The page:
BACKGROUND There is a scarcity of data evaluating everolimuseluting bioresorbable scaffold BRS implantation in the setting of acute coronary syndrome (ACS). We sought to evaluate clinical and angiographic outcomes of patients with ACS undergoing BRS implantation, in comparison to patients with stable coronary artery disease (CAD). METHODS Consecutive patients undergoing implantation of everolimus- eluting BRS at two centers in Munich, Germany were enrolled and divided into 2 groups according to the indication for stenting: ACS vs. stable CAD. Angiographic surveillance was planned at 6-8 months. Clinical follow-up was performed up to 24 months. Primary endpoints of interest were the composite of death/myocardial infarction/target lesion revascularization, target lesion revascularization and definite scaffold thrombosis. RESULTS A total of 419 patients were enrolled, of which 163 had ACS and 256 stable CAD. Complex lesion morphology (B2/C) was observed in a similar proportion of patients in both groups (50.8 vs. 47.9%; p=0.52). Minimal lumen diameter was significantly smaller (0.75 vs 0.99mm; p<0.001) and pre-dilatation was significantly more often utilized (99.5 vs. 96.6%; P0=0.04) in the ACS group. Post-dilatation was less frequently performed (62.3 vs. 77.1%; p<0.001) in the ACS group. Angiographic surveillance showed that in-stent late luminal loss was lower in the ACS group (0.17 vs. 0.31mm; p=0.01). After 2 years the rates of the composite endpoint (19.8 vs. 24.0%, p=0.50), target lesion revascularization (15.5 vs. 17.4%, p=0.62) and definite scaffold thrombosis was similar in both groups (4.3 vs. 3.8%, p=0.75). CONCLUSION In selected patients with ACS undergoing BRS implantation clinical outcomes were similar to patients with stable CAD treated with BRS. In patients with angiographic surveillance data late lumen loss was lower in those with BRS implantation for ACS.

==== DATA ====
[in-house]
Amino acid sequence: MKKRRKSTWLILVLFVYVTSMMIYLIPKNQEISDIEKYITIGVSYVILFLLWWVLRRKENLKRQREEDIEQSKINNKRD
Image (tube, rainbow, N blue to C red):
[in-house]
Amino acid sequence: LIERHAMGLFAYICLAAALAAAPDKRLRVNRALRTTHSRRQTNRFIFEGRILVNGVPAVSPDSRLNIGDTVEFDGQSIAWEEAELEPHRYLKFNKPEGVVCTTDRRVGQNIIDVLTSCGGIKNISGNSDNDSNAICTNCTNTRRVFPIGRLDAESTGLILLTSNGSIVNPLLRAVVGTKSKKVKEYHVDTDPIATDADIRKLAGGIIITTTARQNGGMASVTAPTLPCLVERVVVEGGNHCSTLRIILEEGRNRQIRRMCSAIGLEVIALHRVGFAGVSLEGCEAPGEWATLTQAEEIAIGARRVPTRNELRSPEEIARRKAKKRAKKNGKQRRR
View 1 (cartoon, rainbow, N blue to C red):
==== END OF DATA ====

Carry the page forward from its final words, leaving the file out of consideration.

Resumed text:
Wiebe, J., Harada, Y., Hoppmann, P., Colleran, R., Kufner, S., Xhepa, E., … Byrne, R. (2016). TCT-414 Two-year outcomes of patients with acute coronary syndrome versus stable coronary disease undergoing bioresorbable scaffold implantation. Journal of the American College of Cardiology, 68(18), B168. https://doi.org/10.1016/j.jacc.2016.09.549